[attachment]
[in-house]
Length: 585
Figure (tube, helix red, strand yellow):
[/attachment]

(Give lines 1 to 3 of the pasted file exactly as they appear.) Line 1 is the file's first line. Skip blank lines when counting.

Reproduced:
[in-house]
Length: 585
Figure (tube, helix red, strand yellow):